Atlas Is an AI Thriller That Might Have Been Better off Being Written by AI

Dept. of Unintelligent Contrivances


One of the big fears in the entertainment industry today is that generative AI like ChatGPT will soon replace human talent and produce mediocre stories. Well, if Netflix’s newest AI-themed sci-fi flick, Atlas, is any indication, we have little to fear as some human writers are already writing those sorts of godawful stories. Heck, ChatGPT might’ve even done a better job here. 

In Atlas, Jennifer Lopez plays agent Atlas Shepard, the world’s top expert in AI counter-terrorism. Decades ago, Atlas’s mother engineered an AI named Harland, who eventually overthrew his programming, killed his creator in front of her daughter, and led the world’s machines in a Skynet-style uprising. Harland then left Earth to set up shop elsewhere. 

After Harland’s betrayal, Atlas is deeply distrustful of all machines (although not enough to stop playing virtual chess with her home computer). She volunteers to guide a team of Rangers on a mission to Harland’s planet to capture the rogue AI, but before their ship can make planetfall, Harland’s defenses blow them out of the sky. To survive the crash, Atlas is forced into a mech suit.

Although the mech is powerful, it will only work properly if she willingly neuro-syncs with its AI system, Smith. At first, Atlas refuses to mind-meld with Smith, but with time running out for them to reach the rescue point, she must overcome her prejudices. And wouldn’t you know it, the pair eventually discover that together, humans and machines can achieve great things.


Atlas is basically a buddy movie starring JLo and the disembodied voice of Gregory Cohan, as Smith, inside a giant Transformer, traversing an unexplored planet. And that’s the best part. The movie shines when it focuses on the dynamic duo learning from one another. Smith picks up cussing, while Atlas grows comfortable opening up to Smith in ways she never has with another human being.

While Atlas and Smith have decent character development and moderately charming interactions, Harland (played by Simu Liu) is so shallowly written that it’s hard to see him as a chilling mastermind who engineered the AI apocalypse. Even the Rangers’ shipboard coffeemaker has more personality than Harland. Liu does his best, but he seems to have gone from Asian Ken to a dollar-store Terminator. 

Another thing that weakens the film is how quickly problems are resolved. As soon as a crisis arises, Atlas and Smith fix it. Atlas breaks a bone, Smith patches her up right away. They fall down a sinkhole, and after some heart-to-heart, they promptly find the exit and go on their merry way. Nothing feels earned when the stakes and tension are so effortlessly removed.


The effects in Atlas are another sticking point. They’re not bad, per se, but they’re not stellar either. There’s really no excuse when a series like Lost in Space, another Netflix production, routinely has breathtaking visuals of outer space and alien planets in every episode, yet a movie that’s star-studded with the likes of JLo, Simu Liu, Sterling K. Brown, and Mark Strong, looks like it was designed by third-year graphics students.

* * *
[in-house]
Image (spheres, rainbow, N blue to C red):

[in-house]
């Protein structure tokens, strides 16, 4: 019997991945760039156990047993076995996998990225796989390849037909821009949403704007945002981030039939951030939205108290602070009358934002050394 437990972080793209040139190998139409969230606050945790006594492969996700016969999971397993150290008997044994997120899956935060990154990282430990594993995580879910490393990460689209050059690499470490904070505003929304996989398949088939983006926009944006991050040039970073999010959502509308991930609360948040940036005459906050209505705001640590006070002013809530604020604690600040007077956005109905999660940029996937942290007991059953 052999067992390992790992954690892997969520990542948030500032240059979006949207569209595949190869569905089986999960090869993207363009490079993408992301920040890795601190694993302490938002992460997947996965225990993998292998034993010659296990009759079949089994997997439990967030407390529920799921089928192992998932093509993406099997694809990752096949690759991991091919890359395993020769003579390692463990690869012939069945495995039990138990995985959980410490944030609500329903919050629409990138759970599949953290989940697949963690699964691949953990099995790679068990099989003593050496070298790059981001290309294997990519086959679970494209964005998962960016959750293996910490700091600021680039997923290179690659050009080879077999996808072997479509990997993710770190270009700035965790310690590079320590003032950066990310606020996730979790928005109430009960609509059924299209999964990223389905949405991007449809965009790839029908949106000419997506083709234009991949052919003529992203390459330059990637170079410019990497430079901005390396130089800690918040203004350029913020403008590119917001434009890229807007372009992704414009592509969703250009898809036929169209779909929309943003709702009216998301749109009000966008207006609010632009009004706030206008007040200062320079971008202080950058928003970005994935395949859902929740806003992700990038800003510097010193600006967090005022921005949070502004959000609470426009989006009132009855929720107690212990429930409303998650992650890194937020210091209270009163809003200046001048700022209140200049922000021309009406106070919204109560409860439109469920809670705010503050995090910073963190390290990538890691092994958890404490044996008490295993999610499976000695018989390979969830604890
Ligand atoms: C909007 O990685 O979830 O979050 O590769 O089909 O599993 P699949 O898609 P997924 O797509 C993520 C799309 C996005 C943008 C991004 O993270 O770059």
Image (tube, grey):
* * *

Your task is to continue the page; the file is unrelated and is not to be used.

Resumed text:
Nowhere are the lazy effects more glaring than in the flora of Harland’s planet. Smith tells Atlas that as the first human to discover a new flower species, she gets to name them. Symptomatic of the script’s poor writing, the best name Atlas, a brilliant analyst, can come up with is “planty.” The lame name suits the spiky red flower, though, which the effects team somehow designed to look like a model of COVID-19.


The emotional crux of the movie is Atlas’ fear of AI threatening human society. A very real fear that seems to be permeating throughout every aspect of our society. Just look at 2023’s Writers Strike. One of the key priorities of the strike was to establish guardrails against generative AI creating scripts from human writers’ ideas, but without any originality or creativity. Unfortunately, as a film, Atlas has done exactly that.

Atlas feels like an amalgamation of many movies but with none of the qualities that made them great. The neuro-sync concept is shamelessly pinched from Pacific Rim, but without the in-depth character psychology. JLo is basically cosplaying Sigourney Weaver in a mech, but without any of Ripley’s badassery. And haven’t both Jaden Smith and Adam Driver – in separate movies – already crash-landed on a planet they then had to trek across to survive? 

Harland may represent the threat AI poses to humanity, but artificial intelligence isn’t the problem here. The real problem is that a bunch of human writers, producers, and executives somehow created and approved of Atlas, a movie of such spectacular superficial intelligence.

Atlas is now streaming on Netflix.

Dr Matthew Yap is a writer, editor, and educator. He graduated with a PhD in Literature from Monash University, where he also taught Film Studies. Matthew thinks watching good shows is one of life’s greatest pleasures. If watching TV is like eating, Matthew enjoys an international buffet of programmes across genres, from Sense8 to Alice in Borderland and Derry Girls.

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